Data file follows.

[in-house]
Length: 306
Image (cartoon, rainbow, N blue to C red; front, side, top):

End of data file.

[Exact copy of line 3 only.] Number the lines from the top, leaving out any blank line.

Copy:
Image (cartoon, rainbow, N blue to C red; front, side, top):